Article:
I was intrigued to see that Professor Richard Grayson had written an article about Liberal Democrat tribalism. Grayson, a former Liberal Democrat who joined Labour three years ago, is an intelligent person with insights to share on this subject. It is also true that there *are* incredibly tribal people in the Liberal Democrats, who swing between regarding Labour as a bunch of doctrinaire spendthrift lunatics and seeing them as hard-right sell-outs. I have seen people say that the Liberal Democrats can never go into coalition with Labour because they are uniquely tribal, unlike the pluralist Lib Dems – they don’t seem to see the irony. So I was a little surprised to see that Grayson had singled out Tim Farron for criticism.
Grayson’s argument rests on two incidents, both of which are now over four and a half years old. The first relates to a vote at the 2008 Autumn Conference in Bournemouth which dedicated the Liberal Democrats to a policy of cutting £20bn from existing public expenditure and shifting towards other Liberal Democrat priorities – a large chunk of which was, indeed, meant to be directed towards cuts in income tax (I think I am right in saying that the intention at that stage was to reduce the basic rate rather than increasing the threshold, although the details were rather vague). Grayson clearly sees this as a pivotal moment in the rightward shift of the party, the moment when we became a party devoted to shrinking the state rather than (as in the Ashdown and Kennedy years) advocating greater investment in public services. Furthermore, he sees Tim Farron’s intervention as crucial in making sure it was passed. According to that logic, then, Farron is directly responsible for the Liberal Democrats’ support of the Conservatives’ fiscal policy.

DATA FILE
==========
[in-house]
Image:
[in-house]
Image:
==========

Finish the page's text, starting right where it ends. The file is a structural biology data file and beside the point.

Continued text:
There are a few problems with that argument, however. For one thing, although I wasn’t (quite) a member at this point (I think I joined in the October), I wonder whether Grayson exaggerates the influence of Tim, who by this stage had only been an MP for three years and held no portfolio of significant importance. More fundamentally, Grayson’s narrative leaves out the small matter that, shortly after the conference vote, the collapse of Lehman Brothers precipitated the greatest recession since the 1930s. This is significant for us in that Make It Happen was a dead letter almost by the time it was written – economic and political events had overtaken it completely. In the following years, Liberal Democrat policy swung towards broad support of Alistair Darling’s policy of Keynesian expansion of public spending, and the £20bn number was quietly dropped. The support for tax cuts became a fiscally neutral ‘tax switch’, raising green levies and taxes on high earners. The 2010 manifesto again proposed this ‘tax switch’, but this time also set out plans for a moderate pace of deficit reduction while keeping the flagship commitment to eliminating tuition fees. Only during the Coalition negotiations did Clegg sign up to the Conservative deficit reduction plan, and only after a couple of years in government was it clear that income tax cuts were going to be paid for by cuts elsewhere rather than a Mansion Tax or, in David Cameron’s words, ‘green crap’. In other words, it is impossible to draw a straight line between the Bournemouth conference and Coalition economic policy, except for the continued interest of Nick Clegg in shifting the party in favour of cutting Income Tax and public spending. For that reason, dragging up a seven year old Conference vote seems a little quixotic.